I jerk awake some nights, jabber in tongues
of space-age dolphins, a blip blip red-eye
scanning lost horizons for a connecting signal.
A curl of white paper blooms – like winter
roses under glass – briefly warm to touch
as grey smoke ghosts of secretaries pass.
I crave the tap of polished fingernails
the gossip thick recycled air, someone
to riffle pages, take them to eager desks.
No-one stops now. The clack of heels on tiles
recedes into the slam of doors closing,
leaving me to dream an inky sky studded
with asterisks for stars, the twinkling of years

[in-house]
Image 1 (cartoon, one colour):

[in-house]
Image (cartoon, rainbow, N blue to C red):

some reminder I was the future once.
Emma Simon was selected to take part in the Jerwood Arvon mentoring scheme last year. She has been published by The Interpreter’s House, Under the Radar and Bare Fiction. She was commended in the Battered Moons poetry competition last year and won the Prole Laureate competition in 2013.
“I wrote this in response to one of Kim Moore’s prompts on her course, What Work Is. We were thinking about the objects that are – or were – part of our working lives. I’m not that old, but can remember when the fax was the most hi-tech bit of equipment in our office. It made me slightly nostalgic for my 20-year old self – so I think that’s were the poem is coming from.”